Skip to content

Frankenstein; loneliness and the importance of belonging

“But it is even so; the fallen angel becomes a malignant devil. Yet even that enemy of God and man had friends and associates in his desolation; I am alone.”

Frankenstein (p.182)

It’s 2018, and loneliness is on the agenda. In an era where we may count our Facebook friends and twitter followers in the 100s if not, 1000s, there is growing recognition that loneliness has by no means been eradicated.  For example, The Campaign to End Loneliness quotes research showing that 17% of older people are in contact with family, friends and neighbours less than once a week and 11% are in contact less than once a month (Victor, 2003). Loneliness does not just affect older people in society of course and, and in fact can occur during any life stage.  Loneliness can be experienced in many ways, but in general is defined by a mismatch between the amount and/or quality of social relationships we have, and the amount we want (Peplau and Perlman, 1982). This definition accounts for the fact that just being alone in of itself does not mean we are lonely; nor does it mean we cannot feel lonely or isolated, even when we are in the company of other people.

2018 also happens to be the bicentennial anniversary of the publication of Mary Shelley’s ground-breaking novel, Frankenstein. The novel makes me think a lot about both how loneliness is brought about, and the terrible consequences for a person if it becomes an inescapable prison.  I’ve often thought the book’s status as a classic gothic horror novel, or even the first science fiction book, overshadows the humanity at the heart of the story. It’s one of the few books ever to make me weep, in complete and devastating empathy with the much-maligned ‘monster’, Frankenstein’s cruel and irresponsible creation. This may also have been because I first read it when I was a young teenager; there’s nothing like the cruelty of adolescence to make you acutely attuned to the pain of social rejection.  Mary Shelley was also very young when she wrote the book, and perhaps expressed the theme so convincingly, having just emerged from adolescence herself.  At that period in her life, she was also herself facing social ostracisation, owing to the fact that she was in a relationship with Percy Shelley whilst he was still married to his first wife.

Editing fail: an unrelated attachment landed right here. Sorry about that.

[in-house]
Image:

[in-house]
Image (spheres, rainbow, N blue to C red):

Such is the degree to which the novel, in the words of Joyce Carole Oates, has permeated the “collective cultural consciousness”, it’s easy to forget that the real villain is of course Dr. Victor Frankenstein, and not the monster at all. Although the monster goes on to commit several murders in the book, including most famously killing Frankenstein’s wife on their wedding night, he only turns to violence and revenge after his own hopes of happiness and companionship have been first destroyed by Frankenstein.  The monster is not inherently evil or malicious – at the moment of his birth he is as innocent as any human baby.  He craves only what we all crave; love, companionship and a sense of belonging.  Yet he is immediately cast out into the world, without friend or protector, orphaned as it were by his “father” Dr. Frankenstein.  In one of the iconic passages from the book, Dr. Frankenstein animates the monster for the first time, and see to his horror that instead of creating a beautiful, perfect being, the monster is instead a shocking aberration of nature.

“His yellow skin scarcely covered the word of muscles and arteries beneath…his shrivelled complexion and straight black lips.” ( p.46)